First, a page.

The award may be made to each member of the Armed Forces of the United States who, after 6 December 1941, was cited in orders or awarded a certificate for exemplary conduct in ground combat against an armed enemy after 7 December 1941. For this purpose, an award of the Combat Infantryman Badge or Combat Medical Badge during the Second World War is considered a citation in orders. Documents executed since 4 August 1944 in connection with recommendations for the award of decorations of higher degree than the Bronze Star Medal cannot be used as the basis for an award under this paragraph


  3. #3
    Yep. Typical army type award, basically 'Meritorous service IN a combat zone'. Realistically, when you 'read' someones awards, a Bronze Star MINUS a 'combat distinguishing device' (i.e. a 'V' for Valor) means they were in a combat zone and did their job, without shooting themselves, getting drunk, or losing some Colonels luggage.

    I've also heard the Bronze Star referred to as the 'Field Grade Good Conduct Medal' by old school Marines and Soldiers from the Vietnam era. Take that for what you will.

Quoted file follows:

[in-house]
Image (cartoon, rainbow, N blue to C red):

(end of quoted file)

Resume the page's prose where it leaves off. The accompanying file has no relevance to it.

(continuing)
I'm pretty jaded when it comes to seeing army guys with decorations (and higher Marine officers as well...and lets not even DISCUSS the Air Force) so this isn't a shocker whatsoever.

    Now, you see a Bronze Star w/V on a Marine Sergeant, you better believe he EARNED that sucker the hard way, and probably should have gotten a Silver Star instead, but it was downgraded by 'higher' headquarters.

    Another sea story....during Grenada in '83, the Army troops on the ground numbered around 4500 or so...and the army passed out something like 7500 Bronze Stars...(or so I heard).

    Last bit, and this part is TRUE. To recognize the actions of the WWII army Infantry soldier, the War Dept, in 1947-48, instituted an 'automatic' award of the Bronze Star for ANY army infantryman who had earned a Combat Infantrymans Badge (CIB) or Combat Medical Badge. The idea was that there had been SO many casualties in those branches in the European fighting, that many acts of valor went unreported/unrecognized. Therefore, as a 'motivator/oohrah', the BSM was retroactively awarded to ALL those soldiers who had been awarded the above badges. The only catch was, you had to APPLY for the medal. Well, many of those guys either never heard about it, or didn't care. Not until much later, in the 90's, when their relatives started applying for old awards, did they remember this.

    Moving this to the 'uniform' section area.


  4. #4
    Quote Originally Posted by ridingcrops View Post
    I don't know but maybe someone here can enlighten me. Living in the DC area I run into a lot of service members. Today I met a young Army guy who told me he got the Bronze Star in Afghanistan. I asked about the circumstances of how he got his award.